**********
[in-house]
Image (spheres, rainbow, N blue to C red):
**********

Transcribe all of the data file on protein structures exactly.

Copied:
[in-house]
Image (spheres, rainbow, N blue to C red):